OSI Maps – OSI Discovery Series Sheets 49, 55, 61 and 68 from East West Mapping www.eastwestmapping.ie
The judges of the Irish Times Best Day Out in Ireland competition 2015 selected the Barrow Way as one of the top five finest and impressive visitor attractions in the country.
The Barrow Way follows the towpath, originally a patch alongside the River Barrow where horses pulled barges and goods for transport. Nowadays, visitors can enjoy excellent flat walking, passing good land where tillage and cattle farming is predominant. The path offers much of architectural interest to the visitor. The full length of the Barrow Way from Robertstown to St. Mullins is 113km.
Heading south towards Milford, you can enjoy breathtaking scenery along the Barrow Way. Can you spot the resident herons and kingfishers? As you approach Milford Bridge, you will see Milford Mills, a seven-floor 18th-century watermill which sits on the banks of the River Barrow. Originally built as a flour mill and malting house, it was later used as a hydroelectric power station. Today the mill – although decommissioned in the 1990s – still feeds electricity back into the national grid.
Heading North towards Graiguecullen, you will see Graiguecullen Bridge which was built across a small island in the river. In the 19th century, a dwelling was constructed on the bridge – occupied for a time by the Poor Clares, a religious order.
Heading South towards Leighlinbridge, you will enjoy a beautiful riverside walk, bursting with flora and fauna. Shortly along this path, you will reach the village of Leighlinbridge, the 2001 gold medal winner of the Entente Florale, a European horticulture competition that promotes pleasant environments around Europe.
Heading North towards Milford, you will experience a beautiful riverside walk boasting a wide range of wildlife. Milford is a pleasant stop on the River Barrow with a seven-floor 18th-century watermill standing proudly beside the magnificent Milford Bridge.
Heading South towards Bagenalstown, you can enjoy one of Carlow’s most colourful historical stories. Bagenalstown, derives its name from
Walter Bagenal, who, in founding the town, had visions of mirroring the city of Versailles, in northern France. As you approach the town,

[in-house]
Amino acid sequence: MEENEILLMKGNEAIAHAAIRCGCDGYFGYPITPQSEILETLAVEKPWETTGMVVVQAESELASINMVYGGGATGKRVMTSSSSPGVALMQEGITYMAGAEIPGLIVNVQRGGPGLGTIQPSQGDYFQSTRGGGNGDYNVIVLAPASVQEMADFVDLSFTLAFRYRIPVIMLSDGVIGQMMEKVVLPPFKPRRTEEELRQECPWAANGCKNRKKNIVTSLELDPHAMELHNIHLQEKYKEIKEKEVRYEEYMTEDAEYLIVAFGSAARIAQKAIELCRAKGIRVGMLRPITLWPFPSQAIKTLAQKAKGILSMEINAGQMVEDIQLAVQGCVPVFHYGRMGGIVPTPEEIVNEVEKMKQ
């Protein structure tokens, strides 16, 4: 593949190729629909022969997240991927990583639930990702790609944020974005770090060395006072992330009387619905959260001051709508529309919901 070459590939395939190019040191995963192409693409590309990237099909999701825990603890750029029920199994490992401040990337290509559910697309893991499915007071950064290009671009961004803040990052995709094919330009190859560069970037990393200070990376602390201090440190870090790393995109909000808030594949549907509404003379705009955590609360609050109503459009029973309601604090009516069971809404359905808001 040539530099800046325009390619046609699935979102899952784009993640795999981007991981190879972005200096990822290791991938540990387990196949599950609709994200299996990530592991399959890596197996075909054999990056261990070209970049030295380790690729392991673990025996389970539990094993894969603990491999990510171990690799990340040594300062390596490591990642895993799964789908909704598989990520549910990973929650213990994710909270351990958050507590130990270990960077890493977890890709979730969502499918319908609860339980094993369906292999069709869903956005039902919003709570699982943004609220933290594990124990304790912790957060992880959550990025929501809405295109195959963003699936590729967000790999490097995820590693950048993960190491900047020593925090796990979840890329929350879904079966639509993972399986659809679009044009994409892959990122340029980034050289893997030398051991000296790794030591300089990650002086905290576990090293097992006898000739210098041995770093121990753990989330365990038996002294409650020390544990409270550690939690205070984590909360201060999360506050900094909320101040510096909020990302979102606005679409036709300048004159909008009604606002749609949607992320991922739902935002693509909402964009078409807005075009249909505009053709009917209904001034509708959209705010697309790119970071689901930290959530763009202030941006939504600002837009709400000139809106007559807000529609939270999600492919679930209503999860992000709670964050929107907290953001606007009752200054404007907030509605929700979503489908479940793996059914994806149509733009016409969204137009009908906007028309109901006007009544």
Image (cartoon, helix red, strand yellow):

why not take a dip in the hydro heated Outdoor Swimming Pool situated beside the towpath?
(open June, July & August)
Heading North towards Leighlinbridge, you are guaranteed to enjoy a beautiful riverside walk. As you approach Leighlinbridge village – 2001 gold medal winner of the Entente Florale – a European horticulture competition that promotes pleasant environments around Europe, you will see the ruins of the Black Castle beside a magnificent and functioning valerian-bearded bridge (1320).
Heading South towards Fenniscourt, you can enjoy a quiet and tranquil riverside walk, bursting with flora and fauna. The significance of Fenniscourt on the towpath can be attributed to Fenniscourt lock where there are excellent pole and waggler fishing opportunities.
Heading North towards Bagenalstown, you can enjoy the sights and sounds of undisturbed wildlife. Bagenalstown, a bustling town, is situated on a picturesque stretch of the River Barrow and derives its name from Walter Bagenal, who, in founding the town, had visions of mirroring the city of Versailles, in northern France.
Heading South towards Ballytiglea Bridge, you are guaranteed to enjoy the scenery. Ballytiglea Bridge is an 18th century five arch road bridge. It is also a popular spot for fishing.
Heading South towards Clashganny, you can breathe in the fresh air and scents of nature as you stroll along the River Barrow towpath. As
you approach Clashganny you will walk parallel with the boundary wall to Borris House Estate. Constructed in the Tudor style, Borris House
was built in 1731 by Morgan Kavanagh. It is the hereditary home of the McMorrough Kavanagh family, former Celtic Kings of Leinster. Renowned for its natural beauty, Clashganny will not disappoint.
Heading North towards Ballytiglea Bridge, you can enjoy a peaceful walk along its lush towpathwhich radiates colour and beauty with each
season. On your right is Borris House (1731), the hereditary home of the former Celtic Kings of Leinster. It is also another popular fishing spot.
Heading South towards Graiguenamanagh and St. Mullins, you can breathe in the fresh air as you share the experience with people walking, cycling and canoeing. Stop off in Graiguenamanagh tovisit Duiske Abbey (1204) or stay on the towpath and visit St. Mullins, named after St. Moling (614 – 696 A. D), and enjoy its impressive ecclesiastical and archaeological history.
Heading North towards Graiguenamanagh and Clashganny, you can enjoy a most spectacular riverside walk. A green grass surface will guide you along the towpath to Graiguenamanagh and further on to Clashganny. Located five kilometres from the historical village of Borris, Clashganny is a popular spot for walking, cycling, canoeing and fishing.
‘Leave no Trace’ Principles
Practising a ‘Leave no Trace’ ethic is very simple. Make it hard for others to see or hear you and leave no trace of your visit.